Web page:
15

I am reading Nick Hodges online and I have discovered the Queue but it is not behaving as I've expected and I couldn't understand what him and the documentation say. Look at this code:

 TThread.CreateAnonymousThread(
  procedure
   begin

     TThread.Queue(TThread.Current, procedure
                                          begin
                                           Memo1.Lines.Clear;
                                           Memo1.Lines.Add('start');
                                          end);

     Sleep(2000);

     TThread.Synchronize(TThread.Current, procedure
                                          begin
                                           Memo1.Lines.Add('end');
                                          end);

   end
 ).Start;

I always use Synchronize but this time I have tried with Queue because according to Nick it is better in case of multiple requests since they won't be "serialized" and executed one by one. The code above works fine. Why this is not working instead?

 TThread.CreateAnonymousThread(
  procedure
   begin

     TThread.Queue(TThread.Current, procedure
                                          begin
                                           Memo1.Lines.Clear;
                                           Memo1.Lines.Add('start');
                                          end);

     Sleep(2000);

     TThread.Queue(TThread.Current, procedure
                                          begin
                                           Memo1.Lines.Add('end');
                                          end);

   end
 ).Start;

In this case the Memo outputs the start but not the end. When I call:

  • Synchronize on the first and Synchronize on the second it works
  • Queue on the first and Synchronize on the second it works
  • Queue both times it's not working because I see only the start in the memo
22

The difference between queue and synchronize is that Synchronize() puts the call in a queue and waits for that call to be completed and Queue() puts the call in the queue and directly returns control to the thread.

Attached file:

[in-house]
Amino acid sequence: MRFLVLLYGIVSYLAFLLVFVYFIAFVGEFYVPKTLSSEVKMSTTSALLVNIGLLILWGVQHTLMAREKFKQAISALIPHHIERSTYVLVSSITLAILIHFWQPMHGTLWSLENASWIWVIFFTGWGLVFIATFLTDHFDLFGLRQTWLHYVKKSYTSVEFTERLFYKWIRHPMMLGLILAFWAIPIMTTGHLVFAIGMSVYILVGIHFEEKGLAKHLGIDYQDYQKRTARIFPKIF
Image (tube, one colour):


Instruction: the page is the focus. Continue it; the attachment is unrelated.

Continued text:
However... and this is not mentioned in the official documentation, when a thread finishes, all the calls placed in the queue with Queue(AThread, AMethod), where AThread is its own thread, are removed.

You can see that clearly in the source of TThread.Destroy() where RemoveQueuedEvents(Self) is called.

RemoveQueuedEvents removes queued method calls. [...] If AThread is specified, then all method calls queued by this thread are removed.

So directly after your last Queue() your thread ends, TThread.Destroy() is executed and that last call(s) is/are removed from the queue.

There are some things you can do to solve this.

  • Like mentioned in the comments you can call TThread.Queue(nil, AMethod). B.T.W. Calling TThread.Queue(AMethod) is the same as TThread.Queue(Self, AMethod) so you'll always need to use the nil-variant if the thread is going to end and you want the call to finish.
  • But... If you still need the thread active when executing the call (for some data from it), you'll need to block the thread from exiting. You can do that by using Synchronize() as last queue-method. Note that the last synchronize doesn't have to be a real procedure. You can just call synchronize to a dummy-procedure at the end of the TThread.Execute like Synchronize(DummySync) (example). The queue if FIFO so the thread will wait until all calls in the queue are processed (including the empty dummysync).

Some extra information can be found on these pages
Ensure all TThread.Queue methods complete before thread self-destructs
http://www.uweraabe.de/Blog/2011/01/30/synchronize-and-queue-with-parameters/

| improve this answer | |
  • 4
    This can be avoided when you give nil as the first parameter instead of TThread.Current. – Uwe Raabe Feb 16 '17 at 20:23
  • 2
    @KenWhite, although the resource is not first hand, I usually trust it :) uweraabe.de/Blog/2011/01/30/… (last paragraph). For the still non-believers: use the source. – Uwe Raabe Feb 16 '17 at 22:08
  • 1
    @RaffaeleRossi, as I mentioned in my first comment to this answer, you can use nil instead of TThread.Current to make this work with Queue as well. – Uwe Raabe Feb 16 '17 at 23:00
  • 2
    @RaffaeleRossi I can confirm that passing nil works in this situation. I do that all the time. If you specify a thread object to Queue(), the request is associated with that thread. When a thread is terminated/freed, it calls RemoveQueuedEvents() on itself, canceling any associated queued requests that have not been processed yet. Passing nil to Queue() bypasses that so the request is not canceled. – Remy Lebeau Feb 17 '17 at 0:51
  • 1
    @DavidHeffernan My apologizes for using the quote-method. I wasn't actually quoting an official source but wanted to convey a known statement about using Queue(). I did check the validity of the statement in the source (which I now included in my answer). I probably shouldn't have used the quotes though. I changed/expanded my answer. – Rik Feb 17 '17 at 9:19

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